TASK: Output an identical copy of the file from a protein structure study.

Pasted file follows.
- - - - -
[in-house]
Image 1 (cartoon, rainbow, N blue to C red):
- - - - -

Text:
[in-house]
Image 1 (cartoon, rainbow, N blue to C red):